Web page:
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A Better Partnership
June 08, 2011

COA Opinion: A successful medical marijuana defense requires more than just proving that the amount at issue did not exceed the amount reasonably necessary to treat a medical condition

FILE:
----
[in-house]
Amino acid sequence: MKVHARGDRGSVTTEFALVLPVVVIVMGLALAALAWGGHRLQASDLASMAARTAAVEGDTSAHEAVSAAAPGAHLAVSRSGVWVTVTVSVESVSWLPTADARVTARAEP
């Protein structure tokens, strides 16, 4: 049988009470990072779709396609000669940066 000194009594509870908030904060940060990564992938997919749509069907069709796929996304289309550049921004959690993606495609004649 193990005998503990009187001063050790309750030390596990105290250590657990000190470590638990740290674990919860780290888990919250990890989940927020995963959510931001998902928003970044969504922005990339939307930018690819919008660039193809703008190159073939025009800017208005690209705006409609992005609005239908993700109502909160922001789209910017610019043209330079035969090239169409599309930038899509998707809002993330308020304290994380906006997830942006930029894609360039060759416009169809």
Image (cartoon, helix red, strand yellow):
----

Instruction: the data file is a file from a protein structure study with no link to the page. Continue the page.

Judges Murray and Hoekstra issued a majority opinion in People v. Anderson, No. 300641, upholding the trial court's refusal to allow a defendant, charged with manufacturing marijuana, from presenting a medical use defense under the state's Medical Marijuana Act. In doing so, the majority adopted the concurring opinion of Judge Kelly, concluding that, in order to satisfy the terms of the medical use defense under the Medical Marijuana Act, the defendant must not only show that amount in question did not exceed the amount reasonably necessary to ensure uninterrupted availability of marijuana for treatment of a serious medical condition, but must also establish that the amount was below the objective, statutorily-specified levels (2.5 ounces or less / 12 or fewer plants) and that the plants were kept in a enclosed, locked facility as required by the statute. Here, the defendant had more than 12 plants and did not keep them in a properly enclosed facility. In light of these undisputed facts, the defense under the Medical Marijuana Act could not be sustained. The majority also concluded that the trial court properly rejected this defense because the defendant could not offer any relevant testimony in support of the medical necessity of the amount because neither the proffered witnesses (defendant and his family physician) could offer proper testimony on that subject.

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